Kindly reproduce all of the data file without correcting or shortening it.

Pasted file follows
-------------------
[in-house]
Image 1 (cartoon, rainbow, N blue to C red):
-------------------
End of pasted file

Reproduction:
[in-house]
Image 1 (cartoon, rainbow, N blue to C red):